George W. Bush says he doesn't take policy advice from his father --"I am the commander in chief," he told Brit Hume over the weekend -- and he seems to view all advice about Iraq with a sort of dismissive lack of discrimination. Bush told Hume that he's getting "a lot of advice documents," and that it's "very hard for me to, you know, prejudice one report over another."
So what does speak to the president? If the Hume interview is any indication, he's impressed by three things: The fact that terrorists haven't succeeded in launching another major attack in the United States since 9/11, the fact that presidents' legacies can change over time, and the fact that people are forever telling him that they're praying for him.
"Laura and I are sustained by the prayers of millions of people," Bush told Hume. "Now that's hard for some to -- I guess chew on."
Hume asked Bush if he "senses" the power of prayers sent his way.
"Absolutely," Bush said. "I feel it ... Because the load is not heavy, I guess is the best way to describe it. Look, somebody said to me, 'Prove it.' I said, 'You can't prove it. All I can tell you is I feel it.' And it's a remarkable country when millions pray for me and Laura. So therefore I am able to say to people that this is a joyful experience. Not a painful experience. And yeah it's tough, but that's OK. It's tough times. And there's a lot of big issues ...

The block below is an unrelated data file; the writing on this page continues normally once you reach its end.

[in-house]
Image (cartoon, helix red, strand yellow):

"I know that my relationship with an almighty provides comfort and strength during difficult times, just like it provides comfort and strength during difficult times for others, as well. And so prayer matters to me. And the prayers of others matter a lot in my life and so to those who worry about me, I say: 'Don't worry about me.'"